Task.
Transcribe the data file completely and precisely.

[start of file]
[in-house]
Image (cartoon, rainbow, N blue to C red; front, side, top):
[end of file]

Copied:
[in-house]
Image (cartoon, rainbow, N blue to C red; front, side, top):